Language is a hallmark of the human species; the flexibility and unbounded expressivity of our linguistic abilities is unique in the biological world. In this book, Morten Christiansen and Nick Chater argue that to understand this astonishing phenomenon, we must consider how language is created: moment by moment, in the generation and understanding of individual utterances; year by year, as new language learners acquire language skills; and generation by generation, as languages change, split, and fuse through the processes of cultural evolution.
We are born crying, but those cries signal the first stirring of language. Within a year or so, infants master the sound system of their language; a few years after that, they are engaging in conversations. This remarkable, species-specific ability to acquire any human language—“the language faculty”—raises important biological questions about language, including how it has evolved. This book by two distinguished scholars—a computer scientist and a linguist—addresses the enduring question of the evolution of language.
Constraint logic programming, the notion of computing with partial information, is becoming recognized as a way of dramatically improving on the current generation of programming languages. This collection presents the best of current work on all aspects of constraint logic programming languages, from theory through language implementation.
Many different things are said to have meaning: people mean to do various things; tools and other artifacts are meant for various things; people mean various things by using words and sentences; natural signs mean things; representations in people's minds also presumably mean things. In Varieties of Meaning, Ruth Garrett Millikan argues that these different kinds of meaning can be understood only in relation to each other.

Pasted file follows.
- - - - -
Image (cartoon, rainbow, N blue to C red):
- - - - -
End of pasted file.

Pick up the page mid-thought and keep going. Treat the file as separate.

In Coherence and Natural Language, Florian Wolf and Edward Gibson specify and evaluate criteria for descriptively adequate data structures for representing discourse coherence. They test the influence of discourse structure on pronoun processing, evaluate different approaches for determining the relative importance of document segments, and propose a new coherence-based algorithm to accomplish this task.
The cognitive disorders that follow brain damage are an important source of insights into the neural bases of human thought. This second edition of the widely acclaimed Patient-Based Approaches to Cognitive Neuroscience offers state-of-the-art reviews of the patient-based approach to central issues in cognitive neuroscience by leaders in the field.
Biological and cultural processes have evolved together, in a symbiotic spiral; they are now indissolubly linked, with human survival unlikely without such culturally produced aids as clothing, cooked food, and tools. The twelve original essays collected in this volume take an evolutionary perspective on human culture, examining the emergence of culture in evolution and the underlying role of brain and cognition.
Recent approaches to language processing have focused either on individual cognitive processes in producing and understanding language or on social cognitive factors in interactive conversation. Although the cognitive and social approaches to language processing would seem to have little theoretical or methodological common ground, the goal of this book is to encourage the merging of these two traditions.
In Phrase Structure Composition and Syntactic Dependencies, Robert Frank explores an approach to syntactic theory that weds the Tree Adjoining Grammar (TAG) formalism with the minimalist framework. TAG has been extensively studied both for its mathematical properties and for its usefulness in computational linguistics applications. Frank shows that incorporating TAG's formally restrictive operations for structure building considerably simplifies the model of grammatical competence, particularly in the components concerned with syntactic movement and locality.